Jumping into a relationship right after a break-up makes you more likely to end up with the wrong person because you don’t give your brain enough time to ‘detox’ from your ex.
During a breakup the body goes through withdrawal from feel-good chemicals that are released in the brain when you are in love.
According to a New Jersey psychologist, during the initial break-up period, the lack of those chemicals blinds decision-making triggering the impulse to get into a relationship to fill that void – akin to drug addiction.
But those who don’t give themselves enough single time to retrain their body on how to live without those hormones, make themselves vulnerable to revisiting negative past relationships or getting into the wrong one.
When you’re going through a breakup your brain is missing feel-good chemicals that are released when you’re in love, which can influence impulse decisions to move on to someone negative
New Jersey psychologist Dr Danielle Forshee specializes in relationship and marriage counseling and weighed in on why it’s important to be single between relationships.
She suggests your body can be addicted to love in the same way it can be addicted to gambling, sex and drugs due to a reward system in the brain caused by the neurotransmitter dopamine.
Dr Forshee told Daily Mail Online: ‘Being addicted to love means you’re addicted to the attachment and comfort of a person and really addicted to the dopamine high that comes along with the relationship.’
There are also two addictive hormones, oxytocin and vasopressin, that are released in both partners’ brains when you hold hands for more than 10 seconds, cuddle or orgasm.
Oxytocin is produced in breast milk and stimulates attachment between a mother and baby.
Dr Forshee said that same attachment happens between couples as those hormones are meant to create a pair-bond.
So when you experience a breakup, it’s not only the loss of a person, but a loss of all those hormones that come along with them.
Dr Forshee warns that jumping into a new relationship can be more about getting that rush of hormones than about the person.
Since those chemicals exist in the ‘honeymoon’ stage, it is likely that once that spike in dopamine is met it will quickly wear off leaving you feeling worse, but also looking for more.
That’s why ‘rebounding’ exists and more times than not, people fall back into the arms of their ex after a breakup.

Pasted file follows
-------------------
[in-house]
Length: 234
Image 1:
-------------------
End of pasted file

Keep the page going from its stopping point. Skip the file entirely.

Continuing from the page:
Psychologist Dr Danielle Forshee explained to Daily Mail Online that jumping from one relationship to the next can be more about getting a rush of good-feeling hormones than the person
Humans tend to go back to people or behaviors that are comfortable and known to them, she said.
And even if an old relationship ended badly, Dr. Forshee compared the chemicals to wearing colored glasses.
‘The chemicals make it difficult to have good judgement and impulse control, making it hard to see the negative in somebody,’ she said.
So instead of letting those hormones dictate your relationship decisions, being single and going through the emotional discomfort will retrain the body to get used to being without someone.
‘It’s important to really sit with whatever emotional distress they’re experiencing so they can learn to tolerate and to understand their internal experiences,’ said Dr Forshee.
If not, it creates a pattern of break-ups and make-ups with exes or people you normally wouldn’t be with.
‘If we can force ourselves to not do those things – reach out to an ex or find someone new – and sit with it for five more minutes, you’re going to make yourself stronger,’ she said.
Dr Forshee said this is a big pattern with clients and social media makes it easy to fall into the trap of obsessing over someone because of its immediate access.
She suggests talking with friends and working out emotions internally during that single period will help the brain move on.
And because every person and relationship is different, there is no exact time frame for how long the process can take.